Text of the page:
Again, we want to emphasize that we do not in any way assert that the content of these paragraphs reflects the truth. We do, however, insist that they do accurately reflect the testimony and other information provided to the Commission.

Nevertheless, the following paragraphs from the Land chapter in the unanimously approved and signed Report have been changed after the end of the Commission’s operational period on 3 May 2013:

203. In addition, there were peculiar cases of land grabbing and related malpractices during Kenyatta’s administration which serve to illustrate how deeply the problem of land grabbing had cut into Kenya and the wanton manner in which key government officials, including the president grabbed what should have been public or communal land and “dished” it to relatives. A case in point involves the president himself. When Kenyatta’s son, Muigai, married Isaiah Mathenge’s daughter in 1976, Kenyatta’s wedding gift was a large tract of government land which was, apparently, acquired without official approval and without compliance with legal procedures. [1]

227. The foregoing statement discloses the potential danger of violent conflicts by Kenyans whose government has not only committed atrocities against, but has also failed over the years to recognize their plight and redress them. In light of secessionist movement inclinations manifested by the MRC at the Coast, any honest view that a community in Kenya would be better off with colonialists should be carefully addressed to avert the possibility of more secessionist movements that may be facilitated by the current establishment of regional governments across the country.

231. Apparently over time, especially between 1996 and 2003, the Criticos family offered a substantial proportion of the 30 000 acres of land to the government for purchase at low rate of only KSh600 per acre to settle landless squatters. However, after acquiring the land, the government, in its usual style of irregularity, began to settle people from upcountry, especially the Kamba and not the coastal communities that the land was meant for. [204"> The Criticos family further offered to sell land at concessionary rates to landless communities from the Coast and from upcountry, including those from Nyanza who had settled on the land as farm workers but the family’s efforts were thwarted by the government which, through the provincial administration, forcibly evicted the Criticos family from the whole parcel of land and began to irregularly settle people on it. [205"> By 2008, the Criticos family’s efforts to give up a large portion of the land for re-settlement of the landless appears to have been completely disrupted, to a halt, as a result if illegal dealings with the land on orders of the then President, supplemented by support of the local MP and the Ministry of Lands and Settlement. [206">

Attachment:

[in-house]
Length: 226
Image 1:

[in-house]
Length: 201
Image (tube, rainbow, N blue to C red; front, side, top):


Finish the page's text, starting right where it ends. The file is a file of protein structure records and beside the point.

257. However, after Kenya attained independence, in 1972, President Kenyatta unlawfully alienated to himself 250 acres of the land, especially portions on the beach. [240"> He also allocated part of the land to his friends, relatives and other associates.[241"> He directed residents that whatever was left of the trust lands would be established as settlement schemes for their benefit. However, without following due procedures of law, he again took part of whatever remained for himself and his relatives. He also demanded that local communities that should have benefited from the trust lands accept payment of KSh600 per acre. When the locals declined to accept the money, he told them that whether or not they accepted it, the remainder of the trust lands would go to the government. [242">

That is how irregularly President Kenyatta took all of Tiwi and Diani trust lands at the expense of local people who immediately became ‘squatters’ on the land and were subsequently evicted, rendering them landless and poor. By 2012, land in the former trust lands fetched KSh15 million per acre.

261. Since Kenyatta’s administration, settlement schemes at the Coast have been fraught with irregularities, outright discrimination of landless coastal communities, settlement of mainly one upcountry community on coastal communities’ lands, land grabbing by high and low-ranking government officials and fraud. It emerges that the real intention of settlement schemes at the Coast, especially in the period immediately after independence, was to settle mainly the Kikuyu tribe on ancestral lands of coastal communities. As a result, many members of coastal communities who lost their land during colonialism remain landless, poor and, in many cases, destitute, their means of livelihood having been forcefully taken away, as described below.

We provide this information, and this dissent, in the spirit of truth, justice and reconciliation for the people of Kenya and consistent with the letter and spirit of the TJR Act, and the oath of office we swore before the Chief Justice.

EDITORS’ NOTE: See the official TJRC report here


1. See Hornsby, Charles, Kenya: A History since Independence, p.314.
204 Letter from Hon. Basil Criticos dated 25th November 2011, at pages 1-3 (Copy with the TJRC).
205 Letter from Hon. Basil Criticos dated 25th November 2011, at pages 2 & 3 (Copy with the TJRC).
206 See, page 3 of Letter from Hon. Basil Criticos dated 25th November 2011(Copy with the TJRC).
240 Testimony of Mr Salim Ali Toza, Oral submissions made to the truth, justice and reconciliation commission held on Monday 23rd January, 2012, at the Kwale County Council Hall, at 37.
241 Testimony of Mr Salim Ali Toza, Oral submissions made to the truth, justice and reconciliation commission held on Monday 23rd January, 2012, at the Kwale County Council Hall, at 37-38.
242 Testimony of Mr Salim Ali Toza, Oral submissions made to the truth, justice and reconciliation commission held on Monday 23rd January, 2012, at the Kwale County Council Hall, at 38.